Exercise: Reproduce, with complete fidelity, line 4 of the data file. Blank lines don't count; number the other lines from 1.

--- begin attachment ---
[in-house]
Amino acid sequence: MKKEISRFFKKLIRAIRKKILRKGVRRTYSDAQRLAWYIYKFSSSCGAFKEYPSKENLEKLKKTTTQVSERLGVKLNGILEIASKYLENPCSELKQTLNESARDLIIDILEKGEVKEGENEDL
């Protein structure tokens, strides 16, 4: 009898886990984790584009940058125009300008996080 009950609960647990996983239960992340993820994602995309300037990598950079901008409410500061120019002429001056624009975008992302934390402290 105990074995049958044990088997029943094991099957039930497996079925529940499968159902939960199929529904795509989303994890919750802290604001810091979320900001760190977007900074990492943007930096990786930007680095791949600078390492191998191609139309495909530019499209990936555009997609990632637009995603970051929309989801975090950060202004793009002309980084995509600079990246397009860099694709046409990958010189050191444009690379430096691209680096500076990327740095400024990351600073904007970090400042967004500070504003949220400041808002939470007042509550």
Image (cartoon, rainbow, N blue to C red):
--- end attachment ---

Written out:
Image (cartoon, rainbow, N blue to C red):